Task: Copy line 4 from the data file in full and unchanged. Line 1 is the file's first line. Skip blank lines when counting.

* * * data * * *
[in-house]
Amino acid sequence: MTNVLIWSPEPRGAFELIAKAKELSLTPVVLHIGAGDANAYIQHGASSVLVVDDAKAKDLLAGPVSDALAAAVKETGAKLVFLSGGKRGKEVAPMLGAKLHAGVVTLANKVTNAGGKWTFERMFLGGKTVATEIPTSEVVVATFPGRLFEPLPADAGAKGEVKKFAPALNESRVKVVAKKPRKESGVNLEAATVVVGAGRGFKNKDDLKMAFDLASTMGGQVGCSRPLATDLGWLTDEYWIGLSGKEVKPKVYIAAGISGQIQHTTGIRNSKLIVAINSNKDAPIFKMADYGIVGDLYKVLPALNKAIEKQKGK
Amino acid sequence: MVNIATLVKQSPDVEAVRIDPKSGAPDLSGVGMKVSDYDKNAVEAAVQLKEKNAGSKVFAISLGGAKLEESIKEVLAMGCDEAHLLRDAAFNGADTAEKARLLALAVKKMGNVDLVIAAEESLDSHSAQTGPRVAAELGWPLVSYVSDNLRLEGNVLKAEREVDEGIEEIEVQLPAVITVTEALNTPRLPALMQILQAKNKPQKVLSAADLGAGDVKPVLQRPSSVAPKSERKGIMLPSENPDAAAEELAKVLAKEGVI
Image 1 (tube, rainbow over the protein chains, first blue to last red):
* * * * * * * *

Image 1 (tube, rainbow over the protein chains, first blue to last red):